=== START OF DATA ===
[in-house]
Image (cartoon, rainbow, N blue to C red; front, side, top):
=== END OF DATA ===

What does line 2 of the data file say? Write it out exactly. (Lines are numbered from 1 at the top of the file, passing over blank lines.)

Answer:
Image (cartoon, rainbow, N blue to C red; front, side, top):